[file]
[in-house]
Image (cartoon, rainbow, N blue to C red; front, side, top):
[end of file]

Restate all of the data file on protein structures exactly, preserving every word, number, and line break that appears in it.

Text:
[in-house]
Image (cartoon, rainbow, N blue to C red; front, side, top):